In 1926 it was disclosed by Joseph P. Maxwell and Henry C. Harrison from Bell Telephone Laboratories that the recording pattern of the Western Electric (W. E.) "rubber line" magnetic disc cutter had a constant velocity characteristic. This meant that as frequency increased in the treble, recording amplitude decreased. Conversely, in the bass as frequency decreased, recording amplitude increased.

Therefore, it was necessary to attenuate the bass frequencies below about 250 Hz, the bass turnover point, in the amplified microphone signal fed to the recording head. Otherwise, bass modulation became excessive and overcutting took place into the next record groove.
When played back electrically with a magnetic pickup having a smooth response in the bass region, a complementary boost in amplitude at the bass turnover point was necessary. G. H. Miller in 1934 reported that when complementary boost at the turnover point was used in radio broadcasts of records, the reproduction was more realistic and many of the musical instruments stood out in their true form.
West in 1930 and later P. G. H. Voight (1940) showed that the early Wente-style condenser microphones contributed to a 4 to 6 dB midrange brilliance or pre-emphasis in the recording chain. This meant that the electrical recording characteristics of W. E. licensees such as Columbia Records and Victor Talking Machine Company in the 1925 era had a higher amplitude in the midrange region. Brilliance such as this compensated for dullness in many early magnetic pickups having drooping midrange and treble response. As a result, this practice was the empirical beginning of using pre-emphasis above 1,000 Hz in 78 rpm and 33⅓ rpm records.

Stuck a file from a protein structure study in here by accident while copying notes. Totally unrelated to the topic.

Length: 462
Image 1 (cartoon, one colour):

Over the years a variety of record equalization practices emerged and there was no industry standard. For example, in Europe recordings for years required playback with a bass turnover setting of 250–300 Hz and a treble rolloff at 10,000 Hz ranging from 0 to −5 dB or more. In the United States there were more varied practices and a tendency to use higher bass turnover frequencies such as 500 Hz as well as a greater treble rolloff like −8.5 dB and even more to record generally higher modulation levels on the record.